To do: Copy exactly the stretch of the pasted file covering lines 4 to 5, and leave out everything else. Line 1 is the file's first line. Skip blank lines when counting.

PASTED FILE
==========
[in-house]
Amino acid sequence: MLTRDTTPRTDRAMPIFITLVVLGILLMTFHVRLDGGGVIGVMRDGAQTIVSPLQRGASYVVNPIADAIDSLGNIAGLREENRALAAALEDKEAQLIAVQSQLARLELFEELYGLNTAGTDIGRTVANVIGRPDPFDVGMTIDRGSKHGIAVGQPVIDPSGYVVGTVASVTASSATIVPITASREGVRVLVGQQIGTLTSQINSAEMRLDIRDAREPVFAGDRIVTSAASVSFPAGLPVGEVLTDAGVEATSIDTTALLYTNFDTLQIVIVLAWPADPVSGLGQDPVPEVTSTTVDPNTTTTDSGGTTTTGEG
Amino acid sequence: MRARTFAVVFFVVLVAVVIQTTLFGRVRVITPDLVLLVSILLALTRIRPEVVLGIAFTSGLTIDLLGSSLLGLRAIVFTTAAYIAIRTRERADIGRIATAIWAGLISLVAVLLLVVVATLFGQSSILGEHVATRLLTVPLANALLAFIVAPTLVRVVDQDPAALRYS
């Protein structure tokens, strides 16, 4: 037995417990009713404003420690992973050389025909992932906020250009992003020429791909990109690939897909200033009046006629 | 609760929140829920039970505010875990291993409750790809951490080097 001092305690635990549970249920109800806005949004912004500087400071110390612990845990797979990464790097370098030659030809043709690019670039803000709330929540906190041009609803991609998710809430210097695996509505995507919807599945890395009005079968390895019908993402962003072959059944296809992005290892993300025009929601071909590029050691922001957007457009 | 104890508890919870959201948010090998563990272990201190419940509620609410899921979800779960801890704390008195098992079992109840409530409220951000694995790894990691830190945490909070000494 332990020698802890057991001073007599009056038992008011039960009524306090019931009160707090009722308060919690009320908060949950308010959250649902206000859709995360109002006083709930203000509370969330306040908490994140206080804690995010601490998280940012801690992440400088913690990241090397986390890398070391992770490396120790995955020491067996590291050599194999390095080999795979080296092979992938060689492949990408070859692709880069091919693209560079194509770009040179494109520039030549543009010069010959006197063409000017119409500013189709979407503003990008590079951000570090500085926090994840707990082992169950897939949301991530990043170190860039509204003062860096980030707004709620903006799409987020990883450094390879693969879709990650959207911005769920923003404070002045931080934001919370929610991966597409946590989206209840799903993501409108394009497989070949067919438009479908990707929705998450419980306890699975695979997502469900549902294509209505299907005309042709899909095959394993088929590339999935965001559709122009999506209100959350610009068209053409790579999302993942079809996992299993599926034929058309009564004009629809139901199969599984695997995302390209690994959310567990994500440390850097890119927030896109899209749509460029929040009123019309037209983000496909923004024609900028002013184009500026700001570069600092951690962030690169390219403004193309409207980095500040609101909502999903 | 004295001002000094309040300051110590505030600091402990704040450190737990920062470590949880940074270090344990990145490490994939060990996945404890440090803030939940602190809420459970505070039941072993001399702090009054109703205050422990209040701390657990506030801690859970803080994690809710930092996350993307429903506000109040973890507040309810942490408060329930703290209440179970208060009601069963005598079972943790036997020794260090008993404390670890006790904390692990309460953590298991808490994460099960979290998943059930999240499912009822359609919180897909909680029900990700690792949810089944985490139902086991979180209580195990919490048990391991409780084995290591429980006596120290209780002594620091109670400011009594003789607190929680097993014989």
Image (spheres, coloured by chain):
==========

């Protein structure tokens, strides 16, 4: 037995417990009713404003420690992973050389025909992932906020250009992003020429791909990109690939897909200033009046006629 | 609760929140829920039970505010875990291993409750790809951490080097 001092305690635990549970249920109800806005949004912004500087400071110390612990845990797979990464790097370098030659030809043709690019670039803000709330929540906190041009609803991609998710809430210097695996509505995507919807599945890395009005079968390895019908993402962003072959059944296809992005290892993300025009929601071909590029050691922001957007457009 | 104890508890919870959201948010090998563990272990201190419940509620609410899921979800779960801890704390008195098992079992109840409530409220951000694995790894990691830190945490909070000494 332990020698802890057991001073007599009056038992008011039960009524306090019931009160707090009722308060919690009320908060949950308010959250649902206000859709995360109002006083709930203000509370969330306040908490994140206080804690995010601490998280940012801690992440400088913690990241090397986390890398070391992770490396120790995955020491067996590291050599194999390095080999795979080296092979992938060689492949990408070859692709880069091919693209560079194509770009040179494109520039030549543009010069010959006197063409000017119409500013189709979407503003990008590079951000570090500085926090994840707990082992169950897939949301991530990043170190860039509204003062860096980030707004709620903006799409987020990883450094390879693969879709990650959207911005769920923003404070002045931080934001919370929610991966597409946590989206209840799903993501409108394009497989070949067919438009479908990707929705998450419980306890699975695979997502469900549902294509209505299907005309042709899909095959394993088929590339999935965001559709122009999506209100959350610009068209053409790579999302993942079809996992299993599926034929058309009564004009629809139901199969599984695997995302390209690994959310567990994500440390850097890119927030896109899209749509460029929040009123019309037209983000496909923004024609900028002013184009500026700001570069600092951690962030690169390219403004193309409207980095500040609101909502999903 | 004295001002000094309040300051110590505030600091402990704040450190737990920062470590949880940074270090344990990145490490994939060990996945404890440090803030939940602190809420459970505070039941072993001399702090009054109703205050422990209040701390657990506030801690859970803080994690809710930092996350993307429903506000109040973890507040309810942490408060329930703290209440179970208060009601069963005598079972943790036997020794260090008993404390670890006790904390692990309460953590298991808490994460099960979290998943059930999240499912009822359609919180897909909680029900990700690792949810089944985490139902086991979180209580195990919490048990391991409780084995290591429980006596120290209780002594620091109670400011009594003789607190929680097993014989």
Image (spheres, coloured by chain):